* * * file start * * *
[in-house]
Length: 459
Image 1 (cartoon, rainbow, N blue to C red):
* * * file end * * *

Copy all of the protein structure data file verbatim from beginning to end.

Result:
[in-house]
Length: 459
Image 1 (cartoon, rainbow, N blue to C red):